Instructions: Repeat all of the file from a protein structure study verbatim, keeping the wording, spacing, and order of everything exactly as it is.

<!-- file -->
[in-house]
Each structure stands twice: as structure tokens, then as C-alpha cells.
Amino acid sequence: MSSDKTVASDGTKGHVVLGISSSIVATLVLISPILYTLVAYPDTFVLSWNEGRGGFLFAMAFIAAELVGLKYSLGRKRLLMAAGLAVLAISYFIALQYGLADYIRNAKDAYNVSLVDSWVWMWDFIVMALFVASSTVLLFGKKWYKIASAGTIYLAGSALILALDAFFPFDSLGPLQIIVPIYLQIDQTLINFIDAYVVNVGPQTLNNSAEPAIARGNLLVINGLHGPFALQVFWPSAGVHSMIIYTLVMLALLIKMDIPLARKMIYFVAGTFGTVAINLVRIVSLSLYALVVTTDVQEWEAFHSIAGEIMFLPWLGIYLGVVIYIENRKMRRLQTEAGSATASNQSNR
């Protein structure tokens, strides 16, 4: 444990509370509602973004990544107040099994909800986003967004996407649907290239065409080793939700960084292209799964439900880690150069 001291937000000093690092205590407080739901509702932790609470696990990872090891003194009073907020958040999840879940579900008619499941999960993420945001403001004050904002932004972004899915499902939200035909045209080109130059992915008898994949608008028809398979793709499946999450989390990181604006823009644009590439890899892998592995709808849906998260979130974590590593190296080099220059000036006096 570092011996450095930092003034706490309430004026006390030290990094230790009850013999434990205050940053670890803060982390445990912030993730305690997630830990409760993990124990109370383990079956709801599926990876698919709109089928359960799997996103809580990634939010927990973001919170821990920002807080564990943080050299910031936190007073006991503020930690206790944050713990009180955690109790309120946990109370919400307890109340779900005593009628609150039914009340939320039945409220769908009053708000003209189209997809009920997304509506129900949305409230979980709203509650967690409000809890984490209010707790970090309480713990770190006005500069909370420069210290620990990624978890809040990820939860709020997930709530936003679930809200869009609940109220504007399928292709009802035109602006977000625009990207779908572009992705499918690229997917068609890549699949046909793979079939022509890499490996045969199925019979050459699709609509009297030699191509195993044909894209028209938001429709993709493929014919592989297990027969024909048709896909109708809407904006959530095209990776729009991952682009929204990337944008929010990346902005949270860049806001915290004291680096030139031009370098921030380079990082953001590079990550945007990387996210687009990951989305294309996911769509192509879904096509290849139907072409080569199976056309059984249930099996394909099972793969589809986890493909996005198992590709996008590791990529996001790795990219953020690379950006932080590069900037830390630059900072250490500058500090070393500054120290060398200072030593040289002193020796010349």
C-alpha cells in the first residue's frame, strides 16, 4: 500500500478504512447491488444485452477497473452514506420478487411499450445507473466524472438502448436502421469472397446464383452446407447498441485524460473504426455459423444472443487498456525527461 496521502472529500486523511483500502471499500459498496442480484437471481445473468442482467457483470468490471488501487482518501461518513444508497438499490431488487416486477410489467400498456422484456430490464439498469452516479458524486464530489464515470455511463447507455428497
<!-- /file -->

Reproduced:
[in-house]
Each structure stands twice: as structure tokens, then as C-alpha cells.
Amino acid sequence: MSSDKTVASDGTKGHVVLGISSSIVATLVLISPILYTLVAYPDTFVLSWNEGRGGFLFAMAFIAAELVGLKYSLGRKRLLMAAGLAVLAISYFIALQYGLADYIRNAKDAYNVSLVDSWVWMWDFIVMALFVASSTVLLFGKKWYKIASAGTIYLAGSALILALDAFFPFDSLGPLQIIVPIYLQIDQTLINFIDAYVVNVGPQTLNNSAEPAIARGNLLVINGLHGPFALQVFWPSAGVHSMIIYTLVMLALLIKMDIPLARKMIYFVAGTFGTVAINLVRIVSLSLYALVVTTDVQEWEAFHSIAGEIMFLPWLGIYLGVVIYIENRKMRRLQTEAGSATASNQSNR
């Protein structure tokens, strides 16, 4: 444990509370509602973004990544107040099994909800986003967004996407649907290239065409080793939700960084292209799964439900880690150069 001291937000000093690092205590407080739901509702932790609470696990990872090891003194009073907020958040999840879940579900008619499941999960993420945001403001004050904002932004972004899915499902939200035909045209080109130059992915008898994949608008028809398979793709499946999450989390990181604006823009644009590439890899892998592995709808849906998260979130974590590593190296080099220059000036006096 570092011996450095930092003034706490309430004026006390030290990094230790009850013999434990205050940053670890803060982390445990912030993730305690997630830990409760993990124990109370383990079956709801599926990876698919709109089928359960799997996103809580990634939010927990973001919170821990920002807080564990943080050299910031936190007073006991503020930690206790944050713990009180955690109790309120946990109370919400307890109340779900005593009628609150039914009340939320039945409220769908009053708000003209189209997809009920997304509506129900949305409230979980709203509650967690409000809890984490209010707790970090309480713990770190006005500069909370420069210290620990990624978890809040990820939860709020997930709530936003679930809200869009609940109220504007399928292709009802035109602006977000625009990207779908572009992705499918690229997917068609890549699949046909793979079939022509890499490996045969199925019979050459699709609509009297030699191509195993044909894209028209938001429709993709493929014919592989297990027969024909048709896909109708809407904006959530095209990776729009991952682009929204990337944008929010990346902005949270860049806001915290004291680096030139031009370098921030380079990082953001590079990550945007990387996210687009990951989305294309996911769509192509879904096509290849139907072409080569199976056309059984249930099996394909099972793969589809986890493909996005198992590709996008590791990529996001790795990219953020690379950006932080590069900037830390630059900072250490500058500090070393500054120290060398200072030593040289002193020796010349």
C-alpha cells in the first residue's frame, strides 16, 4: 500500500478504512447491488444485452477497473452514506420478487411499450445507473466524472438502448436502421469472397446464383452446407447498441485524460473504426455459423444472443487498456525527461 496521502472529500486523511483500502471499500459498496442480484437471481445473468442482467457483470468490471488501487482518501461518513444508497438499490431488487416486477410489467400498456422484456430490464439498469452516479458524486464530489464515470455511463447507455428497